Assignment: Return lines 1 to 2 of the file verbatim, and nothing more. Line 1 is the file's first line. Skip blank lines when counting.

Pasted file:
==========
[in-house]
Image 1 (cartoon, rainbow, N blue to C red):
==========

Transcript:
[in-house]
Image 1 (cartoon, rainbow, N blue to C red):